The riders were a blur in the heat waves, but she was sure one was Pete.
Her eyes were probably bloodshot and tears were beginning to blur her vision.
The immortal launched himself at Jule, his knives a blur of glinting steel.
A blur of black shot between her and the attacker.
She began to sweat before reaching the door leading from the patio to the green blur that was the gardens over which the patio overlooked.
She couldn't make out what was in the garden, but she heard the sounds of fountains and saw the dark green blur of a forest in the distance.
The night was a blur in her mind, a combination of strange, fuzzy dreams about blood and tossing and turning from the horrible fever.
It was her fever dream without the heaviness of illness to blur it.
Tears made her vision blur again.
It took many days of mountain sunshine and the comforting routine of the bed and breakfast to blur the trauma of the Lucky Pup shooting.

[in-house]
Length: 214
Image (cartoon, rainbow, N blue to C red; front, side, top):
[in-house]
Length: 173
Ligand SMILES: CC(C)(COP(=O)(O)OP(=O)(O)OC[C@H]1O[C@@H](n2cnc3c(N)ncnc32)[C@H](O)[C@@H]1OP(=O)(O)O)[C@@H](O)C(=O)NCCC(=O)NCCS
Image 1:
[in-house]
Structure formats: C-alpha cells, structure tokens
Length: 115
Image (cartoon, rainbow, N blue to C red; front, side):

"Goddammit, Rhyn!" she said, tears rising to blur her path.
Suddenly, a blur of brown streaked past the bathroom, tackling the demon.
The next fifteen minutes were an embarrassed blur as Dean tried to stem his bleeding face at the kitchen table.
She looked away, outside, at the blur of snow as he continued.
A blur of wings and darkness caught his attention.
The afternoon was a blur as Dean's mind alternated between the task at hand and the sobering fact that he might be within miles, or perhaps yards, of Cynthia Byrne's missing husband.
A large group overtook them outside of Durango and they became separated in the pack as she became caught up in a blur of color and then was gone.
There were scores of dots of color but Dean had little trouble catching sight of a yellow blur rounding a corner, further below than he would have guessed.
The rest of the sermon was a blur, but she would always remember the exchanging of vows.
Reaching her car, she drove home in a blur of tears.
In this usage the word would be equivalent to the more recent and scarcely less abused term, transcendentalism, and as such it is used even by a sympathetic writer like Carlyle; but this looseness of phraseology only serves to blur important distinctions.
The great velocity with which the wing is driven converts the impression or blur made by it into what is equivalent to a solid for the time being, in the same way that the spokes of a wheel in violent motion, as is well understood, more or less completely substance of the wing.